Attach the motor mounts to the underside of the motors, and put a little Lock-Tight in the screw holes. Without it, they’re pretty much guaranteed to vibrate out in flight, sending you on a quick trip to the hardware store for a somewhat rare 3mm machine screw

Place them at the end of each arm and tape them down tight. If they’re taped on loosely the extra play will get larger over time from vibration. If they’re tight they’ll stay put for a very long time.
Step Six – Finishing
The remainder of the build involves rubber bands. Lots of rubber bands. I use 7″x1/8″ No. 127 Platinum Crepe brand black rubber bands to attach components, hold on batteries, and keep things put. They’re very fast to add and remove, and unlike zip-ties, they’re reusable.

I use four rubber bands to secure the motor lead wires to the arm. Hook it onto the landing leg, wrap it around twice, and loop it over the same leg.
Another two to hold the ESCs in place. It goes from one side, to the other.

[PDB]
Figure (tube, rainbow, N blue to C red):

One to hold the battery pack on. This one has to be attached while the plate is removed, after that you just pull on the middle section and slide a battery in. If you have a particularly heavy battery add two rubber bands. One will probably be enough.

One more to hold the controller in place. Be careful to avoid resting the rubber band on the pins, it’s under enough tension to either bend the pins, or snap the rubber band due to vibration. Notice those four little holes in the top plate? They’re for nylon screws, you can optionally add them to help keep the controller board on axis. In practice though, the rubber band should be enough.